Judging Acting in Foreign Language Films

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setzer777
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Judging Acting in Foreign Language Films

Postby setzer777 » Thu Sep 18, 2014 2:20 pm UTC

Is it possible for someone unfamiliar with a language to judge the acting ability of those speaking that language with any degree of accuracy? I feel like several things could throw off such an assessment: not knowing exactly which words are being inflected a certain way, not knowing the cultural connotations of various idioms and statements (and therefore how a delivery colors the phrase), and usually having a terrible dub to compare it against.

I'm also curious - are facial expressions and intonations universally linked with specific emotions, or does that vary by culture?
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Re: Judging Acting in Foreign Language Films

Postby Izawwlgood » Thu Sep 18, 2014 2:22 pm UTC

Perhaps not related, but my favorite is completely missing context and not understanding why someone is laughing at a completely innocuous comment. I guess volunteering to do the laundry was a grave offense?
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Re: Judging Acting in Foreign Language Films

Postby Zarq » Thu Sep 18, 2014 3:34 pm UTC

Izawwlgood wrote:Perhaps not related, but my favorite is completely missing context and not understanding why someone is laughing at a completely innocuous comment. I guess volunteering to do the laundry was a grave offense?


I prefer that to the translators changing the content so it fits into a western context.
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Re: Judging Acting in Foreign Language Films

Postby KnightExemplar » Thu Sep 18, 2014 4:24 pm UTC

I watch a lot of anime, and I have never studied a lick of Japanese.

Zarq wrote:
Izawwlgood wrote:Perhaps not related, but my favorite is completely missing context and not understanding why someone is laughing at a completely innocuous comment. I guess volunteering to do the laundry was a grave offense?


I prefer that to the translators changing the content so it fits into a western context.


I don't know about that. There are some famous examples, like "Osaka" from Azumanga gets translated to have a southern drawl... because her Osaka accent is apparently strong in Japanese. (I spent a good amount of time going over the translator notes. I can't differentiate between the accents of Japanese outside of cartoony over-acting).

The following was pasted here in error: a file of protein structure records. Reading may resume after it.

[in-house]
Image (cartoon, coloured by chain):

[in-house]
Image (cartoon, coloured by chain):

I probably wouldn't have gotten the joke if I watched it in Japanese, but the English dub makes it obvious that she's from another area of the country. The "southern drawl" added a lot to the concept of her character.

There are some tipoffs: while I'm bad at differentiating accents, I've noticed that I can pick up Japanese alliteration and puns despite not understanding the language at all. Case in point: Bakemonogatari. The first arc is a giant pun on "Kani Kami" (Crab God). I was able to pick up on the alliteration and look up the phrase even without Japanese training because the pun and alliteration was relatively obvious.

On the other hand, it does take intense amounts of focus, so I haven't actually finished Bakemonogatari yet.
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Re: Judging Acting in Foreign Language Films

Postby Gopher of Pern » Thu Sep 18, 2014 10:20 pm UTC

setzer777 wrote:I'm also curious - are facial expressions and intonations universally linked with specific emotions, or does that vary by culture?


I don't know about intonations, but facial expressions are universal, at least several of them. Off the top of my head, anger, happy, sad, disgust, fear, plus two others (there are 7 universal expressions) are recognised by everyone, regardless of culture.
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Re: Judging Acting in Foreign Language Films

Postby shieldforyoureyes » Sat Sep 20, 2014 6:52 am UTC

I think it's possible to judge acting in subtitled films, but not if they're dubbed.

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Re: Judging Acting in Foreign Language Films

Postby KnightExemplar » Sat Sep 20, 2014 2:03 pm UTC

While most facial expressions are universal, there are many that are symbolic.

http://www.tofugu.com/guides/japanese-body-language/
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Re: Judging Acting in Foreign Language Films

Postby Derek » Sat Sep 20, 2014 6:17 pm UTC

Watching subbed anime I've found that emotions carry over pretty well, even when you don't know the language. So in that respect, yes.

KnightExemplar wrote:On the other hand, it does take intense amounts of focus, so I haven't actually finished Bakemonogatari yet.

You really should, it's an excellent series (except for the Nisemonogatari arcs, which are creepy).

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Re: Judging Acting in Foreign Language Films

Postby KnightExemplar » Sun Sep 21, 2014 4:30 am UTC

Derek wrote:(except for the Nisemonogatari arcs, which are creepy).


I'm aware of the meme. Brush your teeth (NSFW).